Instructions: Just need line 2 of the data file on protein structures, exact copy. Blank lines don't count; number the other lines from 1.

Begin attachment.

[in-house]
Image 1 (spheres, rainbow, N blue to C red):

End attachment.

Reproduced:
Image 1 (spheres, rainbow, N blue to C red):